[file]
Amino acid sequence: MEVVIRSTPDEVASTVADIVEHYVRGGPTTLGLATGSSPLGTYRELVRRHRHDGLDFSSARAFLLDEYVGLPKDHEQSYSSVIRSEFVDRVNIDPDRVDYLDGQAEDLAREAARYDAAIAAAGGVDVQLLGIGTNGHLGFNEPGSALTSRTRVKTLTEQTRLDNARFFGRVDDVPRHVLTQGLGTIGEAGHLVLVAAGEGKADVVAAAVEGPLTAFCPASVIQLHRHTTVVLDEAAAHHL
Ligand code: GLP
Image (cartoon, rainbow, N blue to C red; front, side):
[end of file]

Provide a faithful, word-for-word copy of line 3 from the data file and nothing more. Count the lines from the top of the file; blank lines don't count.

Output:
Image (cartoon, rainbow, N blue to C red; front, side):